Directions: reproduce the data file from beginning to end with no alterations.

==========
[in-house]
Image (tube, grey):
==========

[in-house]
Image (tube, grey):